Beverley McLachlin, Chief Justice of the Canadian Supreme Court, has come out in favor of gender parity in the makeup of the Court. After the recent nomination of Marc Nadon to fill a vacant seat, McLachlin expressed the opinion that it would be better if there were fewer men and more women on the Court.
The is a common attitude. You hear it all the time, and not just with women. “We need more X in politics!” where X stands for the minority of your choice (never mind that women are actually a majority of the population.) I would have hoped someone who has managed to climb to the rank of Supreme Court Justice would have developed some kind of resistance to this sort of illogical thinking, but alas, this seems to be too much to ask.
In the United States, Justice Sonya Sotomayor made a similar argument during her own nomination process. “I would hope that a wise Latina woman with the richness of her experiences would more often than not reach a better conclusion than a white male who hasn’t lived that life.”
The ironic thing is that there is nothing wise about these sorts of comments, in which sexism is openly on display. Why is having more women on a court per se desirable? Shouldn’t we want the best person for the job regardless of gender? Courts make important decisions that determine the course of history for entire nations. They are not beauty pageants or school plays where everyone has to feel “represented.” If a woman is the most capable person for the job, then she should absolutely have it, but if a better qualified candidate is turned down simply because he is a man, then we have a problem. I thought the whole point of feminism was for the sexes to be treated equally and without prejudice. Prejudice such as that a “Latina” will make better decisions than a white man just because of her race and gender.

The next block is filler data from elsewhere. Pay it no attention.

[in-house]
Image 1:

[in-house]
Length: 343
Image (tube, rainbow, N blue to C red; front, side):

We have to put an end to this combative attitude with which the genders regard one another. The fact that implicit assumptions about conflict remain even in the highest level of political discourse is demonstrated by another comment by Justice McLachlin on the makeup of the court:
“I think we have very strong forceful women and the three of us seem to hold our own pretty well.”
Hold their own? The Court is not a battle of the sexes. This type of rhetoric reduces otherwise intelligent, respectable people to petty school children, crying “girls against boys!” in their recess games.
Speaking of schools, the quota system employed by many universities is a perfect example of the problem with treating people as demographics rather than as individuals. When public policy dictates that more qualified students are being turned away because they have the wrong skin color, what does that say about our cultural attitudes towards race and gender?
It’s time to retire this whole idea of “representing” every group with a token member. It promotes division, not unity, and it insults minorities by implying that their race and gender, not their merits, are the reason for their success. True equality means treating everybody like everybody else. That should be the goal, not arbitrary quotas to create the illusion of diversity.